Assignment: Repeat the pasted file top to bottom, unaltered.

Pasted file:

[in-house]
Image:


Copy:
[in-house]
Image: